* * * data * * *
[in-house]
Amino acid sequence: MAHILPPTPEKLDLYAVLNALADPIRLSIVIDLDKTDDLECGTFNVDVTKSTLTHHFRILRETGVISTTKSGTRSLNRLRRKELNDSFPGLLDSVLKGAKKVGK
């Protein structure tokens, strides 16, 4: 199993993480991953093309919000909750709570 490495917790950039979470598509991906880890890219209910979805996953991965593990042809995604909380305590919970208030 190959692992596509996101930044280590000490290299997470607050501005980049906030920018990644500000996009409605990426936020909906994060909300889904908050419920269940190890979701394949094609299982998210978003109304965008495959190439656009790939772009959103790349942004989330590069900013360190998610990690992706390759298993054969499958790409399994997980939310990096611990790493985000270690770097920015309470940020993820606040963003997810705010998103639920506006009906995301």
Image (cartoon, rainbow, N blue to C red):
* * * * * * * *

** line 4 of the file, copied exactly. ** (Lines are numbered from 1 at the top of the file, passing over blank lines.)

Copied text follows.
Image (cartoon, rainbow, N blue to C red):